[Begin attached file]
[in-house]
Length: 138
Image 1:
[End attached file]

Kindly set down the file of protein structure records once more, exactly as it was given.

[in-house]
Length: 138
Image 1: